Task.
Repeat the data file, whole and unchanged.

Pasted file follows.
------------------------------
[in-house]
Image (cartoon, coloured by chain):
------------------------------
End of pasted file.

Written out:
[in-house]
Image (cartoon, coloured by chain):